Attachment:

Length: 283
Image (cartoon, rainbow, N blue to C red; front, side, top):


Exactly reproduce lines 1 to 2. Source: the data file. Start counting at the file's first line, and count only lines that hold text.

Length: 283
Image (cartoon, rainbow, N blue to C red; front, side, top):